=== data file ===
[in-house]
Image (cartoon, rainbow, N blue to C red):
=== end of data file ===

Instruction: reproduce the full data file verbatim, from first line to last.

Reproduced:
[in-house]
Image (cartoon, rainbow, N blue to C red):